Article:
Humans have made enough plastic since the second world war to coat the Earth entirely in clingfilm, an international study has revealed. This ability to plaster the planet in plastic is alarming, say scientists – for it confirms that human activities are now having a pernicious impact on our world.
The research, published in the journal Anthropocene, shows that no part of the planet is free of the scourge of plastic waste. Everywhere is polluted with the remains of water containers, supermarket bags, polystyrene lumps, compact discs, cigarette filter tips, nylons and other plastics. Some are in the form of microscopic grains, others in lumps. The impact is often highly damaging.
“The results came as a real surprise,” said the study’s lead author, Professor Jan Zalasiewicz, of Leicester University. “We were aware that humans have been making increasing amounts of different kinds of plastic – from Bakelite to polyethylene bags to PVC – over the last 70 years, but we had no idea how far it had travelled round the planet. It turns out not just to have floated across the oceans, but has sunk to the deepest parts of the sea floor. This is not a sign that our planet is in a healthy condition either.”
The crucial point about the study’s findings is that the appearance of plastic should now be considered as a marker for a new epoch. Zalasiewicz is the chairman of a group of geologists assessing whether or not humanity’s activities have tipped the planet into a new geological epoch, called the Anthropocene, which ended the Holocene that began around 12,000 years ago.
Most members of Zalasiewicz’s committee believe the Anthropocene has begun and this month published a paper in Science in which they argued that several postwar human activities show our species is altering geology. In particular, radioactive isotopes released by atom bombs left a powerful signal in the ground that will tell future civilisations that something strange was going on.
In addition, increasing carbon dioxide in the oceans, the massive manufacture of concrete and the widespread use of aluminium were also highlighted as factors that indicate the birth of the Anthropocene. Lesser environmental impacts, including the rising use of plastics, were also mentioned in passing.
But Zalasiewicz argues that the humble plastic bag and plastic drink container play a far greater role in changing the planet than has been realised. “Just consider the fish in the sea,” he said. “A vast proportion of them now have plastic in them. They think it is food and eat it, just as seabirds feed plastic to their chicks. Then some of it is released as excrement and ends up sinking on to the seabed. The planet is slowly being covered in plastic.” In total, more than 300 million tonnes of plastic is manufactured every year, states the paper, The Geological Cycle of Plastics and Their Use as a Stratigraphic Indicator of the Anthropocene.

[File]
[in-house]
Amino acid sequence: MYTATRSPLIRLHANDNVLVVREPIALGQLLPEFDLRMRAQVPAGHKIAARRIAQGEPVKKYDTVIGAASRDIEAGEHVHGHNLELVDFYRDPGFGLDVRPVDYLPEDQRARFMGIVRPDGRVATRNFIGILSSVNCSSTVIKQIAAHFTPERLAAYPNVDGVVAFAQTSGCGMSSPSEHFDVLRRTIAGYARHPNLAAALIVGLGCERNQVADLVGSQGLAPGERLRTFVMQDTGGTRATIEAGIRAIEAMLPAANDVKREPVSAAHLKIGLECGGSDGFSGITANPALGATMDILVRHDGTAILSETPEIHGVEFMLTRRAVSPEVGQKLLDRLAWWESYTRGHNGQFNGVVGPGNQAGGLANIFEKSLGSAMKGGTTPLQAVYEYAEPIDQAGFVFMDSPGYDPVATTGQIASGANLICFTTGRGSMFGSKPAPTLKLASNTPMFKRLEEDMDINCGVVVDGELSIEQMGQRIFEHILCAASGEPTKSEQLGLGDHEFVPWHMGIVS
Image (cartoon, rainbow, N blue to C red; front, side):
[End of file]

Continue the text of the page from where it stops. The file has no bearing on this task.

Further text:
“In 1950, we virtually made none at all. It is an incredible rise,” added Zalasiewicz. “That annual total of 300 million tonnes is close to the weight of the entire human population of the planet. And the figure for plastic manufacture is only going to grow. The total amount of plastic produced since the second world war is around 5 billion tonnes and is very likely to reach 30 billion by the end of the century. The impact will be colossal.”
As the paper makes clear, plastic is already on the ocean floor, remote islands, buried underground in landfill sites and in the food chain. Even the polar regions, generally considered still to be pristine zones, are becoming affected. In 2014, researchers found “significant” amounts of plastic granules frozen in the Arctic Sea, having been swept there from the Pacific Ocean.
In some cases, wildlife adapts to the spread of plastic. For example, on islands such as Diego Garcia, hermit crabs have taken to using plastic bottles as homes. However, most of the impact on wildlife is harmful. Creatures ranging from seabirds to turtles become entangled in plastic and drown or choke to death. “The trouble is that plastic is very slow to degrade, so we are going to be stuck with this problem for a long time,” said Zalasiewicz.
Souce by theguardian.com